Glossary


SNC Disease Cycle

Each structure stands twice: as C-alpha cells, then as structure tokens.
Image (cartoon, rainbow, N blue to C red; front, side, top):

Infection of needles takes place in late-spring and early-summer, when ascospores are discharged from mature fruiting bodies (pseudothecia) on infected needles. Spore release coincides with the emergence and elongation of new foliage from buds, and newly formed needles are highly susceptible to infection (little or no infection of older needles occurs). Ascospores are wind and water-splash dispersed, and cause infection when they land on susceptible foliage, germinate, and enter needles through needle stomates. The threadlike body of the fungus (hyphae) continues to grow in the intercellular (between cells) space within the needle over many months, and fruiting bodies begin to develop in stomatal cavities (the epistomatal chamber). Under “ideal” conditions, immature pseudothecia may be visible on needles within 6 months of infection. Infection by one spore may result in the development of many pseudothecia on a single needle, because the fungus is able to expand within leaves in the months and years following infection. The lifecycle is completed when pseudothecia mature, and release ascospores in the spring. Because infection can increase on infected needles over several years, relatively more fungal biomass and fruiting bodies are present within/on older needles compared to younger needles. As a higher proportion of stomates on a needle become blocked by the fungal fruiting bodies, there is increase likelihood that the needle will be shed.